One of the first challenges put to candidates on social media was to explain our position on the deficit.
According to the T&R Minister, at the end of 2015, the States had raised £382m in tax and other income, but had used about £405m (£365m on public sector expenditure, and £40m allocated to capital) – resulting in a shortfall of about £23m between the States’ income and its outgoings.
Short-term measures were introduced for 2016 (Budget; Section 2) to try and reduce the deficit to £0 this year. But the measures aren’t sustainable in the long term – they include a reduction in the amount set aside for capital investment, and we know that investing in infrastructure is important for sustainable economic growth, so we can’t afford to hold funding back for too long. And the underlying problem – the mismatch between the States’ responsibilities, which cost it money, and the amount of tax which it is prepared to raise – is not likely to resolve itself in the space of a year, without a deliberate effort to tackle the issue. That will be the responsibility of the new States.
What’s more, I think it’s very likely that the overall cost of the public sector will increase over the next few years, especially as we seek to meet the health and care needs of the growing number of people who will live well into their 80s and beyond. That increases the challenge of closing the gap between the States’ income and its outgoings.
Public sector efficiencies are an important part of the picture – but they are not the holy grail. There is definitely scope to increase efficiency within the public sector, but, while pursuing reform, we should be realistic about how much and how quickly this can be achieved.
Increases in the tax base must be considered. I favour the current government approach to gradual evolution of the corporate tax regime, in consultation with industry. While government should not be bound by industry, it is sensible that we should recognise our mutual interdependence. In terms of individual taxation, I do not favour regressive taxes such as GST, which hit poor- and middle-income households hardest; but I’d be willing to explore other options – a decent tax regime must reflect ability to pay.
Strategic economic development is important. Our economic context is challenging (the UK economy is still doing all right, but we don’t yet know what effect “Brexit” might have) and our latest Independent Fiscal Review warned us not to pin our hopes on short-term growth. But we must continue to pursue a deliberate economic development strategy; and perhaps to revisit some of the research underpinning that strategy to explore whether areas (such as health tourism, retail and renewables), which have had only limited attention this States’ term, should be given a boost in the next.
But, most importantly, we need to have a conversation about trade-offs. Do the people of Guernsey really want certain services to stop, or new developments to be avoided? What levels of quality and risk are acceptable, and for whom? What are islanders’ shared priorities? I don’t foresee substantial growth in the government’s mandate, but I do believe there are a number of areas – perhaps most notably community and long-term care – where the States has under-invested at present, and may well have to spend more. And it’s likely that the general demand on services will increase over the coming years, to the extent that we’ll need to raise additional income just to sustain the public services that allow us to maintain our current quality of life. How far are the people of Guernsey willing to do so?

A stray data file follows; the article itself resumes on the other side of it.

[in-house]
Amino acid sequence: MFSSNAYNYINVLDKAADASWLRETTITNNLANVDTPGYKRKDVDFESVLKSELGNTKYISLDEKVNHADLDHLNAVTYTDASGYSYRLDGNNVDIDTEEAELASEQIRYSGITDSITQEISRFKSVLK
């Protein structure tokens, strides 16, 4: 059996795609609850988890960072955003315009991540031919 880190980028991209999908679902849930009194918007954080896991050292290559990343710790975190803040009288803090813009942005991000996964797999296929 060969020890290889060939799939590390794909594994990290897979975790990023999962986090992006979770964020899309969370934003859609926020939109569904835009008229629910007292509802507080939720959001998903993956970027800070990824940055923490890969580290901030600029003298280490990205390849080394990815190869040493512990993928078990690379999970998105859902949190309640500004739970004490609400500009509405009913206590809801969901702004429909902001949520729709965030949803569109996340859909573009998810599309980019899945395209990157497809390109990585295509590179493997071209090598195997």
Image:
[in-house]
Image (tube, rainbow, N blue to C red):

I would be surprised if this Election gave us a clear picture of islanders’ views on tax and spending, or the more subtle questions of risk and quality: it is usually the case that Elections in Guernsey return a range of candidates from every part of the political spectrum. The new policy prioritisation process will be a start – giving us a better idea of what it is that the States hopes to achieve, what it can afford, and the gaps between the two. But, beyond or as part of that, we will need a more specific, more meaningful way of engaging with the public on this fundamental question. If elected, I will seek to make that happen.
In sum: I recognise the need to shrink the deficit. I think this must be approached from both sides – improving our tax take and increasing public sector efficiency. The really difficult conversation is about whether any public services might have to be restricted or closed, or the trade-offs that have to be made if they are not. I don’t believe the States alone will have the answers to this, and – given its potential impact on people’s lives – I don’t think the States should try to solve it alone. The public as a whole must be brought into the conversation, in a democratic and meaningful way; and I will do my utmost to achieve this.